The 4-hour schedule consists of two hours of wake time and two hours of nap time, with a feed after each wakeup. It also includes a short catnap (long enough for one sleep cycle) and 2 hours wake window before bedtime.
If your baby can’t go as long in between feeds, a 3.5-hour schedule might work better for you. While it’s not as simple to remember, it offers some flexibility based on what your baby can handle.
The 3.5-hour schedule includes a catnap and snack feed in the afternoon to hold your baby over until dinner and bedtime.
How to Stretch Wake Windows
There may be situations when your little one is showing sleep cues before their ideal wake window has passed. In those situations, you may be wondering how to stretch wake windows before nap or bedtime.
One of my go-to methods for stretching a wake window is a change of scenery. Consider going outside for some tummy time in the fresh air and sunshine.
You might also consider having a novel toy on hand that your baby doesn’t see very often.
Before transitioning too quickly to this longer wake window, I would encourage you to do the following:
- Pause to assess whether you’re actually seeing signs of the 4-month-sleep regression instead of a need for a longer wake window.
- Look for signs that your baby is ready to transition to a longer wake window. Signs include waking up early from naps, taking more than 20 minutes to fall asleep for a nap, or baby having early morning wakings.
If you’ve ruled out a sleep regression and you see signs that your baby is ready to increase their wake window, do so gradually.
I recommend adding 15 minutes to one or two wake times and keeping that consistent over three to five days before adding on another 15 minutes to the same or a different wake window.
Example 4-Month-Old Schedule
I’ve discussed a couple different schedules with slightly varying wake windows for your 4-month old. Here are some examples of both the 4-Hour Schedule and the 3.5-Hour Schedule.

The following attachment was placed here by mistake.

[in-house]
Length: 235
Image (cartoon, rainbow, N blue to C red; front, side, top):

Four Month Old Schedule with 4 Hours in Between Feeds
7:00 am: Wake and feed
7:00 to 9:00 am: Waketime
9:00 to 11:00 am: Nap
11:00 am: Feed
11:00 am to 1:00 pm: Waketime
1:00 pm to 3:00 pm: Nap
3:00 pm: Feed
4:30 to 5:15 pm: Catnap
6:30 pm: Last feed / baby’s bedtime routine
7:15 pm: Bedtime
Four Month Old Sleep Schedule with 3.5 Hours in Between Feeds
7:00 am: Wake and feed
7:00 to 8:30 am: Waketime
8:30 to 10:30 am: Nap
10:30 am to 12:30 pm: Waketime
12:30 pm to 2:00 pm: Nap
2:00 pm: Feed
2:00 to 4:00 pm: Waketime
4:00 to 5:00 pm: Catnap
5:00 pm: Feed (Smaller snack feed)
6:30 pm: Last feed/Bedtime routine
7:00 pm: Bedtime
Why is the First Wake Window the Shortest?
It seems odd that the first wake window of the day is usually the shortest amount of time, but many things regarding baby sleep are counterintuitive.
Even after sleeping 10 to 12 hours at night, most babies still have some built-up sleep pressure, making it harder for them to get through a long wake window in the morning.
This is also why most babies take a great first nap. If you’re struggling to transition your baby to a crib, try starting with the first nap of the day.
As the day goes on, most babies are able to have a slightly longer wake window. For your 4-month old, start their first wake window at 1.5 to 2 hours, and then shift to about 2 hours for the rest of the day’s wake windows.
Can a 4-Month-Old Stay Awake for 3 Hours?
It would be highly unlikely! Most 4-month olds need about a 2-hour wake window to get them to just the right sleepy spot. Three hours is more developmentally appropriate as they move past the 5-month old wake window and closer to a 6-month schedule.
Keep in mind that it can take some time and testing to get your 4 month old to their correct wake window. Once you find that sweet spot, your independent sleeper should enjoy longer naps and better night time sleep!